I should be a little clearer about my reasons for being excited about the Kusunda case.
Fellow lister Bill Poser is quite right that historical linguists have all reason to be skeptical of Greenberg and Ruhlen's claims. I properly ought to have written that historical linguists "assume" that this work is shaky for the very real reason that so much of it HAS been proven to be full of holes. Although I do think that interdisciplinary evidence is making it clearer by the year that Greenberg and Ruhlen have been on to something, way too often their arguments prove to have been founded upon misanalyses of data.
Some relevant demonstrations to consult are Stefan Georg and Alexander Vovin, "From mass comparison to mess comparison: Greenberg's Indo-European and its Closest Relatives" in the latest issue of DIACHRONICA, and pages 287-303 of a book called THE POWER OF BABEL whose author's name momentarily escapes me.
My feeling, as I flagged above, is that the theories of Greenberg and Ruhlen may not be demonstrable through linguistic evidence alone, but that in combination with archaeological, genetic, historical, and even phenotypic evidence, the general thrust of these theories may require acknowledgment. Ruhlen, coruscating arguer though he is, is not always quite explicit on this point: that the language data usually will NEVER be able to make a solid case.
But on the Kusunda-"Indo-Pacific" link, I would like to venture two observations, in full acknowledgment of Bill's comments.
First, certainly "Indo-Pacific" has not been demonstrated with anything approaching authority. But I am not sure that we risk essentializing indigenous people in not just proposing -- but considering it highly likely -- that if:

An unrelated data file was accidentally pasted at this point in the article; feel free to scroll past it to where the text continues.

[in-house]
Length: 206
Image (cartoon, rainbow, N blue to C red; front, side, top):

then there might be a historical relationship between (a subset of) languages of New Guinea and those of the remnant populations in question. And as such, if there are superficial resemblances between words in these languages, then this might be a distant echo of that relationship.
Most likely, words for things like CAT and DESPAIR have drifted too far apart in these languages for there to ever be a nice family tree (even with borrowings acknowledged) like the one for Indo-European. The linguistic data alone, then, will never provide anything but suggestions. But if other evidence draws a historical link between the people in question, then I wonder whether linguists need necessarily assume that the linguistic parallels still mean nothing at all.
Second, indeed, pronouns are borrowed all over the world. Certainly it is not that pronouns are NOT borrowed -- my point was that their borrowing is the marked case. And what most interests me is that where this happens, there is close and usually long-term contact between people. This is the kind of thing that allows people to get cozy enough to use parts of each other's languages beyond the usual exchange of words for food and gadgets.
And what makes the pronominal similarity between Kusunda and languages like Juwoi is that these people have not been in contact at all. Nor are the Kusunda a coastal people, nor is there a string of related languages or cultures extending from the Kusunda homeland down to the coast of India across from the Andaman Islands.
If Kusunda and Juwoi were spoken next door to one another, then the pronominal resemblance would be a yawn, as it would also be if either the Kusunda or the Juwoi were imperialist colonizers.
But imagine spending, say, a year in constant contact with Spanish speakers. When it was over, you might well find yourself saying HERMANO for "brother" or, depending what you were doing over that year, BORRACHO for "drunk." But how likely is it that you would start popping up with things like "So, what do TÚ want to do today?" Pronouns are borrowed, sure -- but they resist it.
We allow acquaintances to borrow a book, a kitchen appliance, some twine. But if someone borrows our sweater, they are likely either a close friend or a lover. Pronouns are like sweaters. When you see pronoun resemblances between languages spoken by two tiny, isolated groups, I suspect that something is up.
And then there is the possible "echo" of these features eastward in other languages, although we may choose to remain agnostic as to whether there is an "Indo-Pacific" group.
Thus I fully understand that Greenberg and Ruhlen do not have a great track record when it comes to following up on their ideas by checking the grammars. But there may be gold nuggets at the bottom of the pan.Posted by John McWhorter at June 13, 2004 10:14 AM